• meet with my counselor or doctor (talky therapists are critical, and meds doctors are too, if you’ve ever had deep bouts of depression)

The most important thing for me is to stay out of the isolation chamber. That is where I slowly, patiently, kill myself.

So this morning, I’m not feeling much charge from the depressive side of my life at the moment, and the black dog is more of a friend and companion. He won’t come close enough for me to pet him, but he smiles at me just the same. He keeps his distance, I keep singing along to the music on my iPod, and we mosey on down the road together.

And then out of nowhere appears another set of black dogs. The twins from down the street. These guys I know.

the twins from down the street

For a minute I’m not sure if the black dog is going to gel or fight, but I keep walking, imagining they’re going to work it out between themselves.

I look back about 5 minutes later, to see if the black dog is still with me. The three dogs are doing some sort of ecstasy-daisy-chain-circle-dance, They are lost in their dog-ness.

I am happy the black dog has found better companions. I’m not afraid to befriend him. The converse is true. Depression is part of loss. And if you are FEELING the divorce, you will probably feel depressed.

For me, this blog became one of my re-stabilizing forces. I write to process. I write to learn and make sense of what is happening. The first time, when my ex-y asked me to take it down, I was depressed. What I realized only later, was that I was in the early stages of depression. By shutting down the expression of my anger, sadness, and loss; by killing this blog, the first time, I actually hastened my own slip further into darkness.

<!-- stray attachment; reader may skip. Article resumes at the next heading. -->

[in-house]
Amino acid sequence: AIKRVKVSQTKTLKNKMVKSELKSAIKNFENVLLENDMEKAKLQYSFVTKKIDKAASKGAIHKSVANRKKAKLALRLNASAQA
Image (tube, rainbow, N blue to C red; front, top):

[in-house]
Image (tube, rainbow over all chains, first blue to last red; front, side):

Today the black dog (of depression) is my friend. I will see him again from time to time. He will travel with me for a bit. And we will part ways when one of us has a more interesting opportunity.


The Off Parent

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Depression is No Joke: Suicide is Not the Answer to Any Question or Problem

get help for depression in your divorceAs I’m thinking about some of the darkest times in my life, the fall from having it all to having nothing was the harshest thing I could imagine. There were moments…

(Disclaimer: I am not a counselor or mental health professional. I am not offering advice on how to treat your depression or suicidal thoughts. I am saying GET HELP and GET IT NOW. See also the Divorce Reference Library page)

For now, here are a few things I learned about depression.

Your brain is fooling you. You can no longer trust your own thoughts. Even the negative thoughts are not accurate. What was critically important for me was to realize when I was getting depressed and go into humorous observation mode. “Wow, my thinking is really fucked up.” There’s nothing funny about depression, but sometimes if I could amplify my dark clouds to the ultimate extreme I could remind myself how silly my thinking could get. I mean, I was probably not responsible for nuclear war. But that’s how it felt sometimes.